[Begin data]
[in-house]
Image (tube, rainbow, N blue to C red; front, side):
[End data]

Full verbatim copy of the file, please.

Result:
[in-house]
Image (tube, rainbow, N blue to C red; front, side):